Those wacky Twins of Minnesota have been alternatively flirting with contending and disaster all season long. Trust this Fan on that one as trying to figure out in the nightly game picks what they are going to do has been impossible. If you asked one hundred casual baseball fans (who don't play fantasy baseball) to name a few of the Twins' players, they would all come up with Joe Mauer, this year's MVP (anyone else would be stupid), Justin Morneau (the perennial all star first baseman), probably Joe Nathan and maybe Cuddyer because he has been there forever. But Mauer and Morneau have a third musketeer in that lineup. His name is Jason Kubel.
The Twins are rarely on national television. So people aren't as familiar with their every day players like they are with the Yankee or Red Sox players. Kubel has never made an all star team and as far as this Fan has seen, he rarely if ever makes it to a national news media outlet either. But the some time outfielder and nearly full time DH is fourth in the American League in OPS+ with 145 and happens to be ahead of Morneau (who is fifth). That's pretty heady stuff for a guy who doesn't get a lot of notice.
Just like all the obscure players in this mini-series, we have to do the obligatory check of Wiki to see who the guy is. From his http://www.baseball-reference.com/ page, we know that he is 27 and bats left and throws right. He was born in South Dakota of all places and was drafted by the Twins in the 12th round during the 2000 draft. The 12th round! His Wiki page (here) tells us his nickname is, "Wolfman." It also tells us that he did well in his cup of coffee in 2004 but hurt his knee and missed all of 2005. For the rest of what Wiki tells us, you'll have to look him up as there is no sense in plagiarizing for the sake of a longer post.
His stats show us that he is getting better and better every year at the plate. His OPS+ numbers have improved every year since he came back from his lost year: 72, 109, 118 and his current 145. The biggest improvement at the plate this year has been his walk total. He has been much more patient and already has more walks than last year with a month to go. After batting .272 and .273 the last two years with identical .335 OBP tallies, his line this year is a spiffy: .306/.380/.537. His splits indicate that he doesn't fare well against lefties as his .672 OPS against them testifies. As such, he does get pulled in the lineup when lefties start for the other teams. But against righties, he hits them all, whether they are fastball pitchers or junk ballers.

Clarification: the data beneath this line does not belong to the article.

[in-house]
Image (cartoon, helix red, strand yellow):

The splits also indicate that most of his homers have been to centerfield, which is pretty impressive since he has hit 22 of them and 13 of those have gone to centerfield. He is also very impressive when he leads off an inning, which is interesting.
Kubel is a liability in the field. His RTOT scores are terrible out there. But the caveat is that he seems to hit better when he is in the field rather than as a DH. His OPS as a DH is .200 points lower as a DH than when he is in the field. His Wiki page said Kubel has a strong arm and we'll have to take their word for it. He doesn't have a large amount of assists despite that fact.
Jason Kubel seems to be coming into his own as a hitter and he is approaching what should be his peak years. Along with Mauer and Morneau, any starting pitcher has a tough task getting through the middle of the Twins' lineup. And when the pitcher gets past Morneau, Kubel is no small consolation prize. And that's the way it should be for a few years to come.